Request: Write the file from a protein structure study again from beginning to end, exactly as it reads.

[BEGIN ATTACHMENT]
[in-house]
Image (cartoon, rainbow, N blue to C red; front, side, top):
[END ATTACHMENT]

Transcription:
[in-house]
Image (cartoon, rainbow, N blue to C red; front, side, top):